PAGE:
Finding Tibet in the Scottish Hills

The road leading from the motorway towards Samye Ling feels long, winding and remote. It makes arriving at the centre even more surreal and amazing. We visited on a wet day but the beauty, wonder and the serenity was still a joy to experience.

Samye Ling is a monastery and international centre of Buddhist training. It offers instruction in Buddhist philosophy and meditation. It is also a centre for the preservation of Tibetan religion, culture, medicine, art, architecture and handicrafts.

Founded in 1967, Samye Ling was the first Tibetan Buddhist Centre to be established in the West and was named after Samye, the very first monastery to be established in Tibet.Read More »

Undercover in the Heart of Cornwall

Cornwall was one of Europe’s earliest industrial regions, with a scattered industrial society. For hundreds of years, people in Cornwall have made their living from mining. Cornwall was a world leader in the mining industry.

Mining was not just a job; it was a way of life. These mining areas have a strong sense of community and identity.

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Geevor Tin Mine is a 20th Century tin mine, located in an area that has been mined for thousands of years. Geevor is much more than a mine. It is also the story of people and of a landscape.Read More »

Le Grand Depart – Once in a Lifetime

Today’s colour is Unmellow Yellow. I felt it was fitting to share photos from a very unmellow yellow day back in 2014 when we celebrated Le Grand Depart of The Tour De France coming to Yorkshire, England.

I am not a fan of cycling or sport in general, however, I knew this was a once in a lifetime experience. This was a fantastic community event. People decorated outside their houses, shops decorated their windows and the whole area went unmellow yellow!

The atmosphere was brilliant. The sun was shining. We knew we were witness to something special. Who knew cyclists could go so fast. The speed and the intensity of the race was incredible. The community coming together to share, enjoy and celebrate. A day to be truly proud to be from Yorkshire.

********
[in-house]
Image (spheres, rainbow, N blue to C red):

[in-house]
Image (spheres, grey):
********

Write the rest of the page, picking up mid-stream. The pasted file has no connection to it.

#coloryourworld 120 Days of Crayola

 

Smugglers, Pirates and Pampering in Penzance

So as apart of my recent holiday to beautiful Cornwall, I visited Penzance for the first time. The highlight for me was the historic Chapel Street, which is still reminiscent of the 17th and 18th Centuries, with interesting buildings and some quirky, independent shops to explore.

Having done a bit of research into the area we couldn’t resist checking out (and enjoying some local ale) in the famous Admiral Benbow Pub. It definitely competes for the title of the most colourful building on the street. Named after the 17th century Admiral John Benbow (born 1653-died 1702) he was an English officer in the Royal Navy.

The pub has a statue of a smuggler lying astride the roof, musket in hand. The pub was converted from cottages, which explains the low ceilings and small paned windows. Inside there is a very unique nautical feel. The decorations in the pub are genuine maritime artifacts that have been salvaged from various shipwrecked vessels along the Cornish coast over the past 400 years. The collection of treasures and fixtures and fittings in the Admiral Benbow are fascinating and they are cleverly built into the interior design of the building, such as the Captain’s Cabin restaurant with its fine woodwork from a Portuguese Man O’ War.Read More »

A Favourite View – Seeking Pacific Blue

Last year I visited Cornwall for the first time. We stayed in glorious St Ives. I spent my 40th Birthday there and fell in love with the place.

St Ives is a seemingly subtropical oasis where the beaches are golden, the vegetation is lush and the light piercingly bright. The light is incredible. It takes a day or so for your eyes to adjust to the brightness that surrounds the beaches and the sea views.Read More »

The Beauty of Sand – Look a Little Closer

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Amazing beach,Wells By Sea, Norfolk
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Beautiful beach huts, Wells By The Sea, Norfolk

The most wonderful aspects of sand are hidden from the normal human eye. For a greater appreciation of the beauty of sand I recommend you check out  Gary Greenberg’s photographs of what sand looks like under a microscope – Sand Looks Unbelievably Cool Under a Microscope.

It really is amazing stuff.

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